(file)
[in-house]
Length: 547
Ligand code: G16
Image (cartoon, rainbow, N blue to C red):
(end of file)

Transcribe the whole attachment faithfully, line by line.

[in-house]
Length: 547
Ligand code: G16
Image (cartoon, rainbow, N blue to C red):